In this entry I will continue to explore some of the new antibiotics that have been recently approved for use in acute bacterial skin and skin structure infections (ABSSSI). I will discuss these two together since they are quite similar in a number of important ways and share many of the same properties.

Both dalbavancin (Dalvance™ – Actavis) and oritavancin (Orbactive™ – The Medicines Company) are classified as “semisynthetic lipoglycopeptide” antibiotics. Both are effective against resistant gram positive organisms including MRSA.  They have both been around for quite awhile having been studied and then turned down for approval by the FDA back around 2007-8 citing lack of sufficient data.  Both were then dropped by their original companies and eventually picked up by others who finished the study process to get them FDA approved.  They also both share similar pharmacokinetics with very long half lives allowing weekly dosing.  Dalbavancin is dosed 1 gram IV on day 1 followed by 500mg on day 8, while Oritavancin is given in a single 1200mg IV dose.

In the Phase III clinical trials for dalbavancin, entitled the “Discover 1 & Discover 2 “ trials ( ), dalbavancin given in the 2 dose regimen was found to be noninferior to IV vancomycin followed by po linezolid  (clinical success 90.6% for Dalbavancin vs. 93.8% for the comparator) with adverse events being less frequent in the dalbavancin group.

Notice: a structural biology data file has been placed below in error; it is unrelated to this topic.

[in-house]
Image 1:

Similarly, in the two Phase III trials of oritavancin ( the single dose regimen was compared to twice daily IV vancomycin for 7 to 10 days.  The primary end point (reduction in lesion size by 20% at 48-72 hours – the current FDA standard and probable topic for a future post) was met in 82.3% for oritavancin vs. 78.9% of the time.  Although adverse event rates were similar, nausea was found more commonly in the oritavancin group.

So, where do these drugs fit in terms of our clinical usage in the management of lower extremity infections? As you can imagine, I have my opinions…but you will have to wait for my next post!